Sven Beckert's rich, fascinating audiobook tells the story of how, in a remarkably brief period, European entrepreneurs and powerful statesmen recast the world's most significant manufacturing industry, combining imperial expansion and slave labor with new machines and wage workers to change the world. Here is the story of how, beginning well before the advent of machine production in the 1780s, these men captured ancient trades and skills in Asia, combined them with the expropriation of lands in the Americas and the enslavement of African workers to crucially recast the disparate realms of cotton that had existed for millennia. We see how industrial capitalism then reshaped these worlds of cotton into an empire, and how this empire transformed the world. The empire of cotton was, from the beginning, a fulcrum of constant global struggle between slaves and planters, merchants and statesmen, farmers and merchants, workers and factory owners. In this as in so many other ways, Beckert makes clear how these forces ushered in the world of modern capitalism, including the vast wealth and disturbing inequalities that are with us today. The result is a book as unsettling as it is enlightening: a book that brilliantly weaves together the story of cotton with how the present global world came to exist.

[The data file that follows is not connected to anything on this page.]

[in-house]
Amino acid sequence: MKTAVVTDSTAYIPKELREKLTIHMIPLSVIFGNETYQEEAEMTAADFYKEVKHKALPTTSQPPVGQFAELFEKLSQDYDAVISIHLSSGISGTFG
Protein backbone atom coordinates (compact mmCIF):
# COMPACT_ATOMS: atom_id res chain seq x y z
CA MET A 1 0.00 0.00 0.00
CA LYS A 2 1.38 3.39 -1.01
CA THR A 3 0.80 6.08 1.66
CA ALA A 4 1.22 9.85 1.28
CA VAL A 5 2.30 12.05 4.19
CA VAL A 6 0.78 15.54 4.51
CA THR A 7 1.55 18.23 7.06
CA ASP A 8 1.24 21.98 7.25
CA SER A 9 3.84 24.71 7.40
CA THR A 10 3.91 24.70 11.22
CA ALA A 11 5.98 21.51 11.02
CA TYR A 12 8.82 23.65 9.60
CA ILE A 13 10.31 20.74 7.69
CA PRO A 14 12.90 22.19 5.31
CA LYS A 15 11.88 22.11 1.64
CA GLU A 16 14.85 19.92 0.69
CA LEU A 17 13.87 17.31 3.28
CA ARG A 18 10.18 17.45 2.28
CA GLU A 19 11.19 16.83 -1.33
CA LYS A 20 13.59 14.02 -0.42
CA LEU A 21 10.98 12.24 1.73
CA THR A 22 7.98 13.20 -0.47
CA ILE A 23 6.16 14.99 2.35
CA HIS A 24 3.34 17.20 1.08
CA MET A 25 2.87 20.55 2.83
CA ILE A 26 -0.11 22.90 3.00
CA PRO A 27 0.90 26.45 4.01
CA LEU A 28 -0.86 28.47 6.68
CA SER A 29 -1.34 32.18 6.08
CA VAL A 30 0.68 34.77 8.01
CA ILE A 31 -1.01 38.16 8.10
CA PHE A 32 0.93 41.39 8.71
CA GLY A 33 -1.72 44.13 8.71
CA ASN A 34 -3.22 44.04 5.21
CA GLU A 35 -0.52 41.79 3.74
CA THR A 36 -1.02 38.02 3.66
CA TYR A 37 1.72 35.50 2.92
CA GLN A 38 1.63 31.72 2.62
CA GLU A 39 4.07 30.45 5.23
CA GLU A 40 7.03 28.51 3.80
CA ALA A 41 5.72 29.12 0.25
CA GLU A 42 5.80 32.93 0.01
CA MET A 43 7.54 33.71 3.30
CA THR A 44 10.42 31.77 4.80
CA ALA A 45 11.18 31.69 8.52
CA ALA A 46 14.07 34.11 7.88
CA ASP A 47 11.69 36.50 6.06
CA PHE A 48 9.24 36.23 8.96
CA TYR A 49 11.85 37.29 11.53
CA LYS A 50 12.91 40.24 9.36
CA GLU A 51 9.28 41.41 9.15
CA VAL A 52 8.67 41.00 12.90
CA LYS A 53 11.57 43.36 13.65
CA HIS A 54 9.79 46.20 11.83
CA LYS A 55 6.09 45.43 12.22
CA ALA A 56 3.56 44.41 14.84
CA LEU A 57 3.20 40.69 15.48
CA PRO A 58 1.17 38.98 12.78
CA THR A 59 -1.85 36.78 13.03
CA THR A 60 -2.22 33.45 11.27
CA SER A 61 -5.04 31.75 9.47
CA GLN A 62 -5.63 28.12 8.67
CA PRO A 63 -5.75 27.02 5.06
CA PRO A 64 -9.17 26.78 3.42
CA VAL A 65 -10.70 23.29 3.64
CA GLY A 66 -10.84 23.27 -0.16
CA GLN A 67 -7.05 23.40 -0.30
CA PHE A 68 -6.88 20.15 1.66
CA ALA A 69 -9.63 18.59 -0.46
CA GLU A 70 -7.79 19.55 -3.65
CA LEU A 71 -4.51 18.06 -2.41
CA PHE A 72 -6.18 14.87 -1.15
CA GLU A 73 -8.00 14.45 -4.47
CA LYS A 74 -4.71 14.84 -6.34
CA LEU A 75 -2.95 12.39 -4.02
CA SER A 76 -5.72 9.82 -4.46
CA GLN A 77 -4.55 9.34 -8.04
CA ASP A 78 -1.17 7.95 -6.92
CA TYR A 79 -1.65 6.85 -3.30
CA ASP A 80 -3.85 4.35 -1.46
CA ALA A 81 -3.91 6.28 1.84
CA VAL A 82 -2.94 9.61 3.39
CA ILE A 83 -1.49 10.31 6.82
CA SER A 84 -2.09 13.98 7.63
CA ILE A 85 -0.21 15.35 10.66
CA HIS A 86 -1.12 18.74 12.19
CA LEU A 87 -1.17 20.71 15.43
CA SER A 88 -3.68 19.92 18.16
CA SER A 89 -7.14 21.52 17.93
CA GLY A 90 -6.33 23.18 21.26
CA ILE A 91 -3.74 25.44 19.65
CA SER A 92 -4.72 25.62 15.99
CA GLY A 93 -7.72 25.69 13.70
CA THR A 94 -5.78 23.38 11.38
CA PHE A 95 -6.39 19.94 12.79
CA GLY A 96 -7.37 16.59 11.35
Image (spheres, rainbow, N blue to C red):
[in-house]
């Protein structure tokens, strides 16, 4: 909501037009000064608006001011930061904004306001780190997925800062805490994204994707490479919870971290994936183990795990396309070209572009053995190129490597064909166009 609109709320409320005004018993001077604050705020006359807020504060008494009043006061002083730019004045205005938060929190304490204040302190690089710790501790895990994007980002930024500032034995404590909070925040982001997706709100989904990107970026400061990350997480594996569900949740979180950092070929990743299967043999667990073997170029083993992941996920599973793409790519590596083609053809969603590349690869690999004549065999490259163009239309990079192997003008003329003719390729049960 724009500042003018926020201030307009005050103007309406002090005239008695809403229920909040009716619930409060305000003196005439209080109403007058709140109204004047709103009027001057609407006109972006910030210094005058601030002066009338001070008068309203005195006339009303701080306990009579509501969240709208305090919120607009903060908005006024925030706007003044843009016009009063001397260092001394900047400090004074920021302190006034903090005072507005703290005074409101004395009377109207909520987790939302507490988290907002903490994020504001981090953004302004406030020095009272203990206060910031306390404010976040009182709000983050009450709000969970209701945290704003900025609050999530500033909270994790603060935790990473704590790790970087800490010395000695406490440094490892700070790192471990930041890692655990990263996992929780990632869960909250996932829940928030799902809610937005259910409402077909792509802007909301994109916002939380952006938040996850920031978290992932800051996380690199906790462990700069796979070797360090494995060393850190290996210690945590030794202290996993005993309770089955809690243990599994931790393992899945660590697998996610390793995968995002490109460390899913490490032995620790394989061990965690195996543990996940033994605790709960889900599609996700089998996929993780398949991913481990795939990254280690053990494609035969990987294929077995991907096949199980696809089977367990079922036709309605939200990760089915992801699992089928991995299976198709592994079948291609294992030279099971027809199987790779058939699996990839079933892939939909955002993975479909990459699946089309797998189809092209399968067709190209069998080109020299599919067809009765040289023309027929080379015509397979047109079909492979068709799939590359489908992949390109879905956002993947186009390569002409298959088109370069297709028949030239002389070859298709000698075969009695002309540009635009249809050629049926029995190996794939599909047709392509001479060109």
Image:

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A New History of Global Capitalism
A compelling socioeconomic history of the "white gold" -- a commodity so familiar that we take it for granted. The thrust of the author's thesis is that cotton is central to any discussion of the rise of capitalism, the Industrial Revolution, and global markets from the 1700s, not peripheral to it like some people would like to believe. The UK subtitle "A New History of Global Capitalism" better captures the book's real subject. The emphasis is on the period of the mid-1700s to mid-1800s when cotton growing and manufacturing were at their peak in the UK and the USA, though India, China, and other countries factor into the discussion. There is far less emphasis on cotton in the 20th-21st Century.
A highly detailed, mature history of one of humanity's most essential commodities, and the greed, brutality, and ingenuity that human beings have applied to its cultivation, manufacture, and sale.
The reading was very strong. Considering the large number of non-English names, societies, and companies cited throughout the book, learning the correct pronunciation for everything must have taken considerable time and effort on the reader's part.
- Lucian of Samosata "N/A"